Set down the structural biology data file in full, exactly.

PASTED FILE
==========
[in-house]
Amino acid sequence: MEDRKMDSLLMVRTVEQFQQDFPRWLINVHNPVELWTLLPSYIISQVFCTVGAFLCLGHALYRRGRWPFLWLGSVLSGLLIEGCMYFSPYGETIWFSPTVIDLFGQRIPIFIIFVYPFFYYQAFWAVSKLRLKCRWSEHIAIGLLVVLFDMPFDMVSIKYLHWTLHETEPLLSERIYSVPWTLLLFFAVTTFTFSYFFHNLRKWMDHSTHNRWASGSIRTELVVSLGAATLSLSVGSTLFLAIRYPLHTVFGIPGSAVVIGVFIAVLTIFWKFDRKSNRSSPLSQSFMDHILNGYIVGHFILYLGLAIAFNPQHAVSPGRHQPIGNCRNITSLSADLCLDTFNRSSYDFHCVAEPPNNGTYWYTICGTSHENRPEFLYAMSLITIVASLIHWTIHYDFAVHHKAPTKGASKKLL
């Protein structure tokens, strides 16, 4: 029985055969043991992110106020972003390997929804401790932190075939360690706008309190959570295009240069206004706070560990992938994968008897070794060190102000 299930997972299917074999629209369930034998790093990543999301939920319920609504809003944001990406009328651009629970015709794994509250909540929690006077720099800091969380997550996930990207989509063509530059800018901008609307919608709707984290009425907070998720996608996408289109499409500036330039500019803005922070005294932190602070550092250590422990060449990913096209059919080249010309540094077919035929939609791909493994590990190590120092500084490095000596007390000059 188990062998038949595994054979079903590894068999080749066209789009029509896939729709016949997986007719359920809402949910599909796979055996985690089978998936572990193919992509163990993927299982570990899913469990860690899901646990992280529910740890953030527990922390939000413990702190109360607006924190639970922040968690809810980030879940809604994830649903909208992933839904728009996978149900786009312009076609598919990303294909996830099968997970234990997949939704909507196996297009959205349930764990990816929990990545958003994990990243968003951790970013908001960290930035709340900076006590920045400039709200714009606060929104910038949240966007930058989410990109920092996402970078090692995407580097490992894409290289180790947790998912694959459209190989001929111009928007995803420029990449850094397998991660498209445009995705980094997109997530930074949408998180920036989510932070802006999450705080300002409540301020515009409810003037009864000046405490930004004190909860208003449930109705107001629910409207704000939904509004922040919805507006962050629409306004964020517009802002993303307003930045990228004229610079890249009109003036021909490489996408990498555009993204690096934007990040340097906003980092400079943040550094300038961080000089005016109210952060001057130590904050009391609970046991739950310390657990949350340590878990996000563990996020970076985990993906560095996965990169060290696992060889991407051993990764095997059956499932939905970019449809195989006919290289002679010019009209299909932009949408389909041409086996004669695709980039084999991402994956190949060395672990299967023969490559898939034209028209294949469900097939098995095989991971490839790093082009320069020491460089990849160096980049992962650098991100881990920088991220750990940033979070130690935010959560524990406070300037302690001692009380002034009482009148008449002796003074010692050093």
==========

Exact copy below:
[in-house]
Amino acid sequence: MEDRKMDSLLMVRTVEQFQQDFPRWLINVHNPVELWTLLPSYIISQVFCTVGAFLCLGHALYRRGRWPFLWLGSVLSGLLIEGCMYFSPYGETIWFSPTVIDLFGQRIPIFIIFVYPFFYYQAFWAVSKLRLKCRWSEHIAIGLLVVLFDMPFDMVSIKYLHWTLHETEPLLSERIYSVPWTLLLFFAVTTFTFSYFFHNLRKWMDHSTHNRWASGSIRTELVVSLGAATLSLSVGSTLFLAIRYPLHTVFGIPGSAVVIGVFIAVLTIFWKFDRKSNRSSPLSQSFMDHILNGYIVGHFILYLGLAIAFNPQHAVSPGRHQPIGNCRNITSLSADLCLDTFNRSSYDFHCVAEPPNNGTYWYTICGTSHENRPEFLYAMSLITIVASLIHWTIHYDFAVHHKAPTKGASKKLL
């Protein structure tokens, strides 16, 4: 029985055969043991992110106020972003390997929804401790932190075939360690706008309190959570295009240069206004706070560990992938994968008897070794060190102000 299930997972299917074999629209369930034998790093990543999301939920319920609504809003944001990406009328651009629970015709794994509250909540929690006077720099800091969380997550996930990207989509063509530059800018901008609307919608709707984290009425907070998720996608996408289109499409500036330039500019803005922070005294932190602070550092250590422990060449990913096209059919080249010309540094077919035929939609791909493994590990190590120092500084490095000596007390000059 188990062998038949595994054979079903590894068999080749066209789009029509896939729709016949997986007719359920809402949910599909796979055996985690089978998936572990193919992509163990993927299982570990899913469990860690899901646990992280529910740890953030527990922390939000413990702190109360607006924190639970922040968690809810980030879940809604994830649903909208992933839904728009996978149900786009312009076609598919990303294909996830099968997970234990997949939704909507196996297009959205349930764990990816929990990545958003994990990243968003951790970013908001960290930035709340900076006590920045400039709200714009606060929104910038949240966007930058989410990109920092996402970078090692995407580097490992894409290289180790947790998912694959459209190989001929111009928007995803420029990449850094397998991660498209445009995705980094997109997530930074949408998180920036989510932070802006999450705080300002409540301020515009409810003037009864000046405490930004004190909860208003449930109705107001629910409207704000939904509004922040919805507006962050629409306004964020517009802002993303307003930045990228004229610079890249009109003036021909490489996408990498555009993204690096934007990040340097906003980092400079943040550094300038961080000089005016109210952060001057130590904050009391609970046991739950310390657990949350340590878990996000563990996020970076985990993906560095996965990169060290696992060889991407051993990764095997059956499932939905970019449809195989006919290289002679010019009209299909932009949408389909041409086996004669695709980039084999991402994956190949060395672990299967023969490559898939034209028209294949469900097939098995095989991971490839790093082009320069020491460089990849160096980049992962650098991100881990920088991220750990940033979070130690935010959560524990406070300037302690001692009380002034009482009148008449002796003074010692050093």